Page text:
minister, fully understood and admitted the beardng of this question, and expresses the conviction of all intelligent and candid Pedo-Baptist, when he says in his letter on Communion: "I agree with the advocates for close Communion in two points: 1st. That baptism is the initiating ordinance which introduces us to the fellowship of the visible Church. Of course where there is no baptism there is no visible Church. 2nd. That we ought not to Commune with those who are not baptized, and of course are not Church members, even if we regard them as Christians."

      Dr. Doddridge says: "As far as his knowledge of primitive Christianity extends, no un-baptized person ever received the Lord's Supper." Dr. Dwight expresses the same sentiment. Dr. Wall, another emminent Pedo-Baptist, says: "It is an absurdity for a person to partake of the Communion before he is baptized." "If our Baptist brethren," said Dr. Beecher, "are right on the mode and subject of baptism, they are right on the question of Communion." Now, dear brethren, do you believe that any thing is baptism but immersion? And that any person is a fit subject for baptism but a believer? We are sure you will answer, No. - This then settles the question, and settles it forever. We, as Baptists, have ever taken the Bible, the inspired word of God, as our guide, and according to the teachings of God's word, it is the duty of all sinners, first to repent, then to believe, then to be baptised and then to commune, because Christ has made it so. But it is their duty to do these things in the order in which Christ has commanded them. The position that the Baptist[s] occupy, we think, is fully sustained. That baptism is, under all circumstances, an indispensible condition of Church membership and prerequisite to communion, and however highly we may esteem our Pedo-Baptist brethren, yet, as we cannot but regard them as unbaptized, we must of necessity consider them as disqualified for an approach to the Lord's Table.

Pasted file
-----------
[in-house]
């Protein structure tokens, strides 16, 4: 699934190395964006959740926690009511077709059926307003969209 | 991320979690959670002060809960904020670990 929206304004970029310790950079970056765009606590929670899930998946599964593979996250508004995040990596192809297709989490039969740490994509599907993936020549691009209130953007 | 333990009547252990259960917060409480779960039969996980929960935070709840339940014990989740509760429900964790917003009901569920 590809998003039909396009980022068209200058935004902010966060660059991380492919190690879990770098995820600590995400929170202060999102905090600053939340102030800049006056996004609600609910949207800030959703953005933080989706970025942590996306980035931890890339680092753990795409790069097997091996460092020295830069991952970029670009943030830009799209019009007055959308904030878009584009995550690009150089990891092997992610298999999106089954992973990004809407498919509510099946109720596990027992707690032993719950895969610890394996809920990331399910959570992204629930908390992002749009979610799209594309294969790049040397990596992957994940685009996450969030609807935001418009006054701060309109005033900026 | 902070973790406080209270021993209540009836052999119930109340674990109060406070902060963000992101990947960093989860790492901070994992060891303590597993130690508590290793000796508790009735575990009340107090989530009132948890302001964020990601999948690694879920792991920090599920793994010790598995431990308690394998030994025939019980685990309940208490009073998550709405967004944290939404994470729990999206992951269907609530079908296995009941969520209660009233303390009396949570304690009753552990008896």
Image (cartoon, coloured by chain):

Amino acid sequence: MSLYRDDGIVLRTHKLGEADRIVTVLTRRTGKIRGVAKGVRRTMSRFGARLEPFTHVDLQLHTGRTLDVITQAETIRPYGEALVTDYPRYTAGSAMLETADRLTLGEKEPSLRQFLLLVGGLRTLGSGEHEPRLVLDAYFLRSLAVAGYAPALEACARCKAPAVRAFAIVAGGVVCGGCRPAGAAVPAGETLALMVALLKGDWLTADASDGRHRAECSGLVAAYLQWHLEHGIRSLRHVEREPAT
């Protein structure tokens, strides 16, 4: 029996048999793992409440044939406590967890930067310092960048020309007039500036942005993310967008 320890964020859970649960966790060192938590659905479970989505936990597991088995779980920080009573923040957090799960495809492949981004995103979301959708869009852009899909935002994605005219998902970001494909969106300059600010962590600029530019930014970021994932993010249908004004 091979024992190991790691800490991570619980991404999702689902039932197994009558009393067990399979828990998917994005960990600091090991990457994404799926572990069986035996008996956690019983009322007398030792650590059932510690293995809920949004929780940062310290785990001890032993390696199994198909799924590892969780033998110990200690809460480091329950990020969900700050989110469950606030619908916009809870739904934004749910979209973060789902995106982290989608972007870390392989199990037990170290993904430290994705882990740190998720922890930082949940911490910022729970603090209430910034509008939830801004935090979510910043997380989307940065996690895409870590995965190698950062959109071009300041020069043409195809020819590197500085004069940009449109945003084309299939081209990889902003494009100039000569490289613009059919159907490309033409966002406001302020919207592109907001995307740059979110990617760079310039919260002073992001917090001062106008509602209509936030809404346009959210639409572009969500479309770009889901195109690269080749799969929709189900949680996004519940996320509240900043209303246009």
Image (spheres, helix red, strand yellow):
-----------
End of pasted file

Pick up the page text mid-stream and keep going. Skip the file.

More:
We say this with the fullest confidence of its truth and importance, but with no feeling of unkindness or uncharitableness toward them, or any one who may differ with us. With many of them we should be glad to be able to partake of the Sacred Supper. We love them for the love they have to our common Master, and hope to Commune with them in a far higher sense in Heaven; for the same cross is their salvation as well as ours; but our love and allegiance to Christ will not permit us to alter his laws nor to change the terms of Communion, as he has enacted them. Nor would such a treatment of Christ's laws tend either to the furtherance of His glory or the true welfare of those with whom we may wish thus to Commune. The views that our Pedo-Baptist friends take of the mode and subject of baptism is the great and fundamental cause of our separation in Communion. Infant baptism, says Dr. Waller, is a doomed institution. The evangelical current is sweeping it into the ocean of things that were. It is rapidly passing away. It is the chief support of all that most hinders the progress of the Gospel. By it is made the mixture of iron and clay, of Church and state. In the vision of the prophet, the mysterious stone is smiting it to dust. The Lord will consume it by the brightness of his coming. Even so come quickly. Amen.


[From Minutes of the Irvine Association of United Baptists, 1879, pp. 6-8; via Boyce Digital Repository; Adam Winters, Archivist. Scanned and formatted by Jim Duvall.]